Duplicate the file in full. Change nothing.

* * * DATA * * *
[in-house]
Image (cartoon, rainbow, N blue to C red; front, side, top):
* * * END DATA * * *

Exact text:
[in-house]
Image (cartoon, rainbow, N blue to C red; front, side, top):